Or How To Photograph People With A Wide-Angle Lens
I love shooting with wide-angle lenses. Why? Because they’re fun, funky and slightly out of kilter. Sort of like some of my favorite people! But seriously, the word on the street used to be NO WIDE ANGLE LENSES FOR PEOPLE SHOOTING.
Because of their inherent tendency to distort things. People were afraid it wouldn’t be a pretty picture.
So what’s wrong with a little distortion? Nothing, if you use it judiciously. People (read adults with any sense of vanity whatsoever) fear being made to look strange and goofy (read fat). It is true that capricious use of wide-angle lenses can render subjects looking downright strange. And it is also absolutely true that whatever sticks out most, can be made to look bigger. If that something happens to be a stomach….well, there ya are.
However, that need not be the case. I LOVE all three of the images above because all of these photographers have totally ROCKED ultra wide angle for all she’s worth. However, that said, I realize not everyone is as hardcore as I am. So gentle reader, I will show you how to moderately rock it wide.
The first thing to understand is this; the further away from the subject and the more perpendicular to the horizon the ‘film’ plane is, the less distortion. It is when we move in close and tilt the film plane off axis that distortion creeps nay, BOUNDS in. And that, my friends, is where the fun is. Allow me to demonstrate.
This image was taken with a moderately wide (Nikon 20mm f/2.8) angle lens. Notice there is very little distortion, because I am several feet away from the subject and I am shooting from a ‘straight on’ perspective, neither tilting the camera up or down.
In this next shot of the same girl, I have stepped in much closer to the subject and am now shooting slightly down at her.Notice how the steering wheel and arm closest to the camera loom large?However, because this is neither an extreme wide angle (14mm or wider) nor am I shooting from an extreme angle, the subject is not grotesquely distorted. Instead, we have created a feeling of childlike wonder and audaciousness, while also emphasizing the size and scale difference of the steering wheel in proportion to the child.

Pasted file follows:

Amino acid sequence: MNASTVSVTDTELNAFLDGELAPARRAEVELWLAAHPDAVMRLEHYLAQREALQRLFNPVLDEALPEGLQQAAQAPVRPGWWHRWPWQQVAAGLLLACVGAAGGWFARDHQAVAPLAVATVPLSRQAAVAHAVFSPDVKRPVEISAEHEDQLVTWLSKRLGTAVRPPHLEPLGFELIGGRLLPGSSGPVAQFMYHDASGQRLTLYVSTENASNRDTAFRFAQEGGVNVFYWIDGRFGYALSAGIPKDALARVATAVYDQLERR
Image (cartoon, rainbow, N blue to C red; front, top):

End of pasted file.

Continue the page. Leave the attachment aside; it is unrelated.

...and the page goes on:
A moderately wide-angle lens is great for conveying a sense of movement, as well. The key is to work ‘with’ the lens, not against it. In this image, I waited until the boy swung towards the camera to click. Because I was shooting from a low angle, I knew the center of the image would ‘bow’ outwards, and therefore emphasize the swinging motion.
Wide-angle lenses are fantastic for exaggerating size and proportion. In this image, the girl appears to be much higher off the ground than she actually is.
You need not have an ultra wide lens to achieve a bit of whimsy in your imagery. These shots were all taken with a 20mm prime lens on a Nikon D70, which has a DX sensor, thus effectively rendering that lens into a 35mm.
I just love FEET!
Remember, the closer you are to the subject, the more obvious any distortion will be. Whatever body part is closest to the camera will appear bigger.
Creating a sense of depth in images you wish to ‘tell a story’ with is easy to do with a moderately wide lens. Wedding photographers often use this technique. This photo taken by Jennifer Esperanza illustrates my point beautifully.
The ‘actual’ photographer of this image is shooting from a high perspective with regard to the subject in the foreground and is able to get all of the scene in. We get a real sense of the setting in this image and it is a great visual story. Notice how the door, which is near the center of the image, appears to slightly ‘bow’ outwards. That is EXACTLY what I love about wide angle lenses, that fractured ‘Alice through the looking glass’ feel.
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